I write from the perspective of a Christian theologian on matters relating to religion and politics. I do not come to make absolutist claims for my perspective, but folks like me have a contribution to make to the discussion if for no other reason than that the current administration has so consistently wrapped itself in the mantle of Christian faith. In fact on matters theological, I am rather on the conservative side of the spectrum.
However, as one of my colleagues says, a conservative theological agenda aligns best with a progressive political agenda (in contradiction to this administration and its apologists!), and many of us are sick at the perversion of the Christian faith being foisted upon our country and this world by this group. British theologian and Bishop of Durham, NT Wright, characterized the religious expression of the Bush administration and its religious apologists as "a very strange distortion of Christianity."
I realize that not all of Arianna’s readers are interested in the inter-relation of religion and politics. Many of you, no doubt, know the checkered history of attempts of religious folks to influence and guide political institutions, and believe it or not, I share your concerns. In fact, this is why I write. All too often religious movements begin with good intentions but become corrupted as they gain political power, and Christian movements are by no means exempted. The current administration embodies this very sort of corruption, and I am particularly concerned that the exemplary teachings of Christ are no longer being heard for the Good News they constitute.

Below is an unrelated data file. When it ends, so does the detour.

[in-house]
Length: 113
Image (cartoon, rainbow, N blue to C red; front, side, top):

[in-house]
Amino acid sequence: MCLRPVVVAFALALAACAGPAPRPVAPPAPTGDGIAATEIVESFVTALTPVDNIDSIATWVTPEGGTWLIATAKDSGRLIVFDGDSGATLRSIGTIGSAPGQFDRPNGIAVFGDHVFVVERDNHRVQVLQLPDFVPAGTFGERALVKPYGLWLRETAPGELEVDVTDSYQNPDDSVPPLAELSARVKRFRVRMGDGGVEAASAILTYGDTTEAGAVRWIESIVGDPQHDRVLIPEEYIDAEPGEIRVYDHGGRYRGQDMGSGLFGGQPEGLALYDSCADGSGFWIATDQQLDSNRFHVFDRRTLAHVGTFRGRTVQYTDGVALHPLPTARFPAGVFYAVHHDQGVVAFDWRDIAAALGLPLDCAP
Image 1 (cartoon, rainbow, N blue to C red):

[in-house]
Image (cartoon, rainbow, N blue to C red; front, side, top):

We live in a post-modern world (yes, I know the difficulty in defining the term) which openly expresses distrust of absolutist narratives that claim to explain and rightly organize the world. Why? Because these narratives have too often promised hope to the hearers but have really aimed to garner power for the narrative’s tellers.
Our post-modern fellows are rightly suspicious of such duplicity and betrayal. But, at the core of the Christian narrative is what Tony Thistleton has called a “for the other orientation” -- an orientation that makes concern for another even more important than concern for ourselves.
This is why Jesus could refer to his message as “Good News” -- good news for the poor, for the oppressed, for the weak and the ill, etc. Yet, this “Good News” also contains a word of warning for the powerful, the wealthy, the well-connected, and those holding the reigns -- a word that warns of the obligation to care for the least and weakest in our societies. At the end of the day, no other standard can be a better indicator of the genuine religious expression of this administration or any other. Stay tuned as we engage this evaluation on a number of fronts, and feel free to visit here at your leisure.